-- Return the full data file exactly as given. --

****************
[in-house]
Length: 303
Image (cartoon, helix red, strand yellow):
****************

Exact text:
[in-house]
Length: 303
Image (cartoon, helix red, strand yellow):